Red Sox make early habit of hitting in the clutch

Red Sox make early habit of hitting in the clutch
April 4, 2013, 11:15 am
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NEW YORK -- Through their first two games, the Red Sox have scored 15 runs -- all without benefit of a single home run.
For that matter, the Sox have just four extra-base hits in the first two games. Twenty-two of their 26 hits have been singles.
But it isn't so much what they're hitting, as when.
In an admittedly small sample size, the Red Sox are delivering in the clutch, often with two out.
With runners on base, they're hitting .386 as a team. With runners in scoring position, they're hitting .355. And with runners in scoring position and two out, they're hitting. 556.
Add in 11 walks in the two games to provide additional baserunners, the Sox keep giving themselves scoring chances.
"We've been able to bunch some hits together,'' said John Farrell after the Sox bashed the New York Yankees, 7-4, Wednesday night. "We've worked some deep counts. We've taken walks when we've had the opportunities, but you can't say enough about some two-out base hits to drive in some runs."
On Wednesday, five of the seven runs came with two outs.
"We've got a number of professional hitters in the lineup," said Farrell, "and they're not afraid to hit with two strikes. They're not trying to do anything extra in those types of situations. I think you're seeing a number of base hits in the middle of the field."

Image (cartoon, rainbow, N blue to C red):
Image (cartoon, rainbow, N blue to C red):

Outfielder Shane Victorino has four RBI in two games and all four of them have come after two were out.
"Any time you can pick up a run, someway, somehow, especially in two-out situations, they all count,'' said Victorino. "Sometimes it seems a little harder when there's less than two outs and you try to do too much and sometimes you're unsuccessful.
"You have to come up with big hits in big situations, like (Wednesday) night and the first game. Coming up with two-out hits is very important. You look back and try to figure out a winning team, that's what they do - come up in clutch situations and some up with big hits.''
Two-out hits boost a team, and, at the same time, deflate the opponent.
"You put up one run, and then the next thing you know, another hit and it's two more runs,'' said Victorino. "Those things add up. On the other side, you're thinking, 'Jeez.' "